A good friend of mine once told me that he liked to surround himself with people smarter than himself. He said we’d all be in trouble if he were the smartest person in the room. While there is plenty that this friend is the smartest about, I have taken that advice to heart and try to hang out with ubersmart people. I’ve found the really smart ones are also the ones most willing to share what they know.
That was definitely the case at Blog Indiana 2010. The two-day conference was filled with smart presenters who gladly shared their knowledge and expertise with everyone in the room. With 35 speakers, I wasn’t able to attend every session but there were two in particular that stood out.
I learned a lot from Jeremy Dearringer’s, of Slingshot SEO, session on Search Engine Reputation Management (SERM). If you think search engine optimization is all you need to worry about, think again. For example, have you ever considered the impact of Google’s suggested search pop-up? Because users search for negative search terms, those will show up in the pop-up. And since people are impulsive searchers, they will see the negative search result and often decide not to click into the results to see what the story really is.
Jeremy also shared this nugget. Just because your site becomes popular, it doesn’t mean people will remember and access your URL directly. Most people do branded search – sometimes even entering the URL into the search window. And if company website has negative result directly below it in the Google search results, up to 70% of surfers will click on the negative result first. Yuck.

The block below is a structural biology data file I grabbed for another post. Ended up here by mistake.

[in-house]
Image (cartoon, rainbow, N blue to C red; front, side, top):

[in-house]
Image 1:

So what are we to do? Jeremy suggested being proactive with the sites under your control, which isn’t new, but also advised us to do nothing to add to the negative conversation. Somewhat counterintuitive, yes? After listening, it makes sense. If you respond to a negative comment, you only strengthen its position in the search results. So take that negative customer service response offline.
I’d also like to give kudos to Chad Richards from Firebelly Marketing who presented a session on Facebook for Business. Not only did Chad give oodles of information, his presentation style was calm, measured and easy-to-follow. He briefly covered the basics of Facebook pages vs. profiles and how to create a relevant page, but want struck me was his attention to setting goals and a strategy to reach those goals. One of the standout comments was, “Anticipate and plan so you don’t have to react on the fly.” That’s the way I like to do business, so I immediately was prepared to trust just about anything he presented after that.
I won’t get into all the tactics he presented about how to promote your Facebook page and build your community here. He also had great information on how to explore Facebook data and identify trends in what people respond to on a page to find an optimal time and place to post. In addition, he walked us through the process of creating a static FBML page and using Facebook Places – including prepping us for changes that are coming Monday (August 23). He also spent time talking about Facebook’s promotion guidelines and shared how to conduct a promotion or contest the legal way.
What struck me about Chad’s presentation was the number of tools he shared during the course of his presentation. Remember Firebelly gets paid to build Facebook strategies, create tabs and develop promotions and contests for their clients. Here Chad was in essence throwing candy on the table and teaching the group how to do what he does every day. Jeremy did this too, even suggesting some of his competitors as resources for SERM. That is the mark of a true, confident professional.
Both Slingshot SEO and Firebelly Marketing gave a great presentation but they also positioned their companies well in the process. If they were giving away that much information, imagine what else they know and can do for you?
(Note: While I’m not getting paid to promote Slingshot SEO or Firebelly Marketing, I do have the chance to win an IPad from Slingshot as a result of this blog post. Out of fairness, I thought you should know.)